There is a clear need for more mental health workers from ethnic backgrounds, especially appropriately trained psychiatrists, and for upgrading the mental health service capacity of frontline agencies through training and core funding. Active community education programs are necessary to counter stigma and improve knowledge of mental disorders and available services. Mainstream services require acceptable and appropriate entry points. Mental health services need to be flexible enough to serve changing populations and to include services specific to ethnic groups, such as providing comprehensive care for seniors.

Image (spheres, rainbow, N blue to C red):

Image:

The report chronicles a 44-year career in cultural psychiatry spent at Duke, Cornell, Harvard, the University of British Columbia, the University of Toronto, and Ryerson Universities. It describes my studies in a rural community in Nova Scotia, in traditional villages in Senegal, West Africa, on Canadian First Nations reserves and American Indian reservations, in refugee camps in Southeast Asia, among immigrant and refugee communities in Canada, in Ethiopia, and in Israel. The report summarizes major findings resulting from these research efforts, and discusses contributions to theory as well as potential implications for practice as well as policy. The article concludes with reflections about the present state of cultural psychiatry, raises concerns about where the field seems to be in danger of going wrong, and offers suggestions about what needs to be done next.